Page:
Elizabeth Saldebar has been relying on her Amazon Echo ever since she got one as a Christmas gift last year. “Well, you know, I actually never really thought about it,” Saldebar responded. Google and Amazon, the leading companies that make these devices, say they only record your voice when you activate them with so-called “wake words.” Those recordings are then transmitted back to Amazon and Google servers, where the questions are analyzed and answered. While they might work that way for now, some are worried that could change in the near future.
“They’re there to track you, to surveil you and to sell you,” Consumer Watchdog President Jamie Court said.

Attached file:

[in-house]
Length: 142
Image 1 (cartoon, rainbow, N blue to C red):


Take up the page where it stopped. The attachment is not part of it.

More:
His advocacy group studied dozens of patent applications for possible future advances in Google and Amazon’s smart home technology. Are Google Home and Amazon Echo listening more than you realize?
The concern is more real than fiction and if true, could signal the end of voice enabled speakers if consumer backlash is widespread.
One Amazon patent shows the company could instruct the Echo device to listen for designated trigger words, like a discussion of vacation destinations. It could then transcribe that conversation and use it to try to sell the device’s user a related product.
thumbnail courtesy of cbsnews.com
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